It is easy to fall into the pattern of thinking that our mobile devices are interchangeable with other electronics. But is your iPhone really the same as your PC or MacBook Pro or even your iPad? Just yesterday, a co-worker mentioned that they had purchased laptops for their for grandchildren for Christmas. When visiting after the holiday, the grandchildren brought the laptops to show their proud grandparents they were using them. In a subsequent visit, the laptops weren’t to be found. Why? Their mobile phones could do it all. Our world is becoming mobile first.
In another conversation, this question came up: What would you give up first—your television (and cable) or your mobile device? Most people present said television. Those who said mobile device often had to think long and hard before answering.
Other than the obvious reasons of convenience and form factor, what else contributes to these devices being so indispensable? One answer is that there are combinations of features that just don’t exist on other platforms. First there are attributes of the device itself:
- All-in-one functionality. Calendar, notes, camera, recorder, weather, contacts, maps, music player, web access, etc.—it’s all there.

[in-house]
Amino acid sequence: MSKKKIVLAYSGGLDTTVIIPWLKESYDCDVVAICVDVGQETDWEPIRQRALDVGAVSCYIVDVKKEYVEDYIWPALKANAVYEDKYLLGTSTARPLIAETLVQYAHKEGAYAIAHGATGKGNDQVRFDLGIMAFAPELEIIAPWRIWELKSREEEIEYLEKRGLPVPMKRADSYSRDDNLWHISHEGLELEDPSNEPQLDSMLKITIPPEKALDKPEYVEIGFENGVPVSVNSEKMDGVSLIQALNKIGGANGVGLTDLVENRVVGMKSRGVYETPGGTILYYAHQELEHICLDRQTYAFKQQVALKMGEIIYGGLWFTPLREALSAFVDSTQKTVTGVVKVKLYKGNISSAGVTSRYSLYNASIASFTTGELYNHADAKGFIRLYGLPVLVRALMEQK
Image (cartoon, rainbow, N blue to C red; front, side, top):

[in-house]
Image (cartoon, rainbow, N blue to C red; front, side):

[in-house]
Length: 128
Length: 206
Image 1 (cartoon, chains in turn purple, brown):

- Easy to use, maintain and support. The App Store makes it a breeze to obtain new tools or content.
Most importantly, these features are combined into applications in new and unique ways. The user experience is unlike that you can get on any other platform. Here’s a recent example.
I was away from the office and forgot that I should have approved time and expense reports before heading out. Using the Microsoft Lync application on my phone, I was able to see that a colleague, Tom, was online and available. Using the voice-to-text function, I asked him to approve the expenses for me. Tom did so and then reminded me that I would still need to approve his. Darn, now what? Well, I saw that our controller was online, so I messaged him asking if he could approve Tom’s reports. Poof! In less than a minute, I no longer had to worry about the negative impact of my forgetfulness.